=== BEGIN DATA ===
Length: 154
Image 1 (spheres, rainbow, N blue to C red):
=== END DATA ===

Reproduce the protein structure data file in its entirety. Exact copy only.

Length: 154
Image 1 (spheres, rainbow, N blue to C red):